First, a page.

Mach-E Forum | Ford Mustang Mach-E Forum and News banner

1 - 20 of 24 Posts

·
Registered
2016 Nissan Leaf, 2021 Mustang Mach-E First Edition reserved
Joined
·
997 Posts
Maybe. We really don't know what the Mach E 0-60 will be, do we?
 

·
Super Moderator
Joined
·
1,218 Posts
And faster than only the base model.
 

·
Registered
Joined
·
582 Posts
Well, faster than the "targeted" acceleration times for all of the RWD versions: SR RWD (select, premium) is "low six seconds" and ER RWD (rt1, premium) is "mid six seconds". The non-GT AWD (select, premium) are only targeted as "mid 5 seconds", which in that wording could be 5.7. Hopefully those original numbers are sandbagged and Ford does better.
 

·
Super Moderator
Joined
·
1,218 Posts
It still burns gas so its a non-starter for
Me. It doesn’t matter how fast it goes.
 
  • Like
Reactions: Paul

·
Registered
Joined
·
627 Posts
Discussion Starter #6
It still burns gas so its a non-starter for
Me. It doesn’t matter how fast it goes.
Its rare that I see someone shopping for an EV in this segment also consider a hybrid. But for hybrid buyers, this is a great option.

Toyota does have plans for full-electric cars and that's something I actually look forward to.
 

·
Registered
Joined
·
582 Posts
The point for me isn't that they directly compete for the same buyer. What is significant is that BEV's are known to have instant acceleration, so one "with the soul of a mustang" should easily outperform a PHEV. Only 1 of 9 drive/battery configurations does (GT), with 3 of 9 only slightly better (AWD Select, AWD premium, FE), with 2 losing badly (Route 1 and premium ER RWD).

I REALLY hope the acceleration, range, charge speed, and mi/kwh efficiency are better than the "target" numbers.
 

·
Registered
2016 Nissan Leaf, 2021 Mustang Mach-E First Edition reserved
Joined
·
997 Posts
I just got around to watching this video and I am really impressed. This is a great option for someone who needs the hybrid option as it will serve as a BEV for most people's daily range and as a hybrid when needed for longer trips. The Hybrid FWD with auxiliary electric motor on the rear is genius. This will also help tremendously with the MPG loss suffered by most AWD/4WD systems. The ability to drive full speed as a BEV up to 42 miles of range is great.

If I weren't committed to going entirely BEV, I'd be tempted. If they introduced this capability in the Tacoma I could easily see myself going that route instead of a BEV for my pickup.
 

·
Registered
Joined
·
627 Posts
Discussion Starter #9
I just got around to watching this video and I am really impressed. This is a great option for someone who needs the hybrid option as it will serve as a BEV for most people's daily range and as a hybrid when needed for longer trips. The Hybrid FWD with auxiliary electric motor on the rear is genius. This will also help tremendously with the MPG loss suffered by most AWD/4WD systems. The ability to drive full speed as a BEV up to 42 miles of range is great.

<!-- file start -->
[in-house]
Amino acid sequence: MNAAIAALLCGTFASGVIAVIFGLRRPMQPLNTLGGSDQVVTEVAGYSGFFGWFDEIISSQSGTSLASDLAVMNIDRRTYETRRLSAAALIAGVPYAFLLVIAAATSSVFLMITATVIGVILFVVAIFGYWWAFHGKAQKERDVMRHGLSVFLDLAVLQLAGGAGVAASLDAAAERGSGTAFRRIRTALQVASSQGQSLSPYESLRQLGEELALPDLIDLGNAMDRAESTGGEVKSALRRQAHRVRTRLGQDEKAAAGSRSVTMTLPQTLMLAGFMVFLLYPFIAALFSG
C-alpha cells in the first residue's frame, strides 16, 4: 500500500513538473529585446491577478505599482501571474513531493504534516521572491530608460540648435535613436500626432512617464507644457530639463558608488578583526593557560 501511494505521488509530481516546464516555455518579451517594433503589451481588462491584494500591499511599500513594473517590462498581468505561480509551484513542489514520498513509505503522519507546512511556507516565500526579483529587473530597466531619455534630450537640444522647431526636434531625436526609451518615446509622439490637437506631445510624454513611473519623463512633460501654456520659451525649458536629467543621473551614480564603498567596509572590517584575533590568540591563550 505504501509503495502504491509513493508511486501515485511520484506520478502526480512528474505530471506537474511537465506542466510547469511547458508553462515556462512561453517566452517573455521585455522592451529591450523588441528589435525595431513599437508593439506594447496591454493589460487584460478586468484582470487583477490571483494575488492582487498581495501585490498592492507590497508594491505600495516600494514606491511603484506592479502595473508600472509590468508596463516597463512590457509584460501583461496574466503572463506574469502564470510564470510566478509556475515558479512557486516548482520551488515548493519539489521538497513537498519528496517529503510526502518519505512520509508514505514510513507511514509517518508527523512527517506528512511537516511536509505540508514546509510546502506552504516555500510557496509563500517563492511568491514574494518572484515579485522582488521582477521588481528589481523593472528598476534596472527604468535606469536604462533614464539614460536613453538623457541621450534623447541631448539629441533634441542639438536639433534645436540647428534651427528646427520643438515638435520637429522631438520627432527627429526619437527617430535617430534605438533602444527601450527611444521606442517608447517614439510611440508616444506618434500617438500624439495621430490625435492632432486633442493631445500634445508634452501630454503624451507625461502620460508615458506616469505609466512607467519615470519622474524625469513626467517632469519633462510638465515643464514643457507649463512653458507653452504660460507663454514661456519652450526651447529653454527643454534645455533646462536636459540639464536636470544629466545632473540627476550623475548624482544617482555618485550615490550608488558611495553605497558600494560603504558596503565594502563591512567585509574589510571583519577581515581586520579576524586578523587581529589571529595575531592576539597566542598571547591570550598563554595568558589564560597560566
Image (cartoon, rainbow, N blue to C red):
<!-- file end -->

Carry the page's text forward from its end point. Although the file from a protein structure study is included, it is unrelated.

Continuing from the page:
If I weren't committed to going entirely BEV, I'd be tempted. If they introduced this capability in the Tacoma I could easily see myself going that route instead of a BEV for my pickup.
You might be in luck.


"In addition to a shared platform, the next- generation Tundra and Tacoma will include some form of electrification. The automaker's top executives have promised that every nameplate in Toyota's global lineup will have some form of electrification to reduce emissions and fuel consumption. That could mean something as light as the 48-volt mild-hybrid system in the Ram 1500 to a plug-in hybrid.

"We're looking at what makes the most sense, not only for 2025 but for out to 2035 and beyond, and what is the market demand for it," said Mike Sweers, lead engineer for Toyota's "four brothers": the Tundra, Tacoma, 4Runner midsize SUV and Sequoia large SUV. Sweers, speaking in February at the Chicago Auto Show, said torque and toughness will remain key to Toyota in its next-generation body-on-frame vehicles."
 

·
Registered
2016 Nissan Leaf, 2021 Mustang Mach-E First Edition reserved
Joined
·
997 Posts
Very interesting. Unfortunately the article is behind a paywall but this does sound promising. I'm still waiting to see how I'll replace my Tacoma. Ford also has the BEV Maverick unibody small pickup coming. The real question is how much will I want to haul.
 

·
Super Moderator
Joined
·
1,218 Posts
The PHEV approach Toyota is taking may not sit well with the typical BEV purchaser, nor many environmentalists.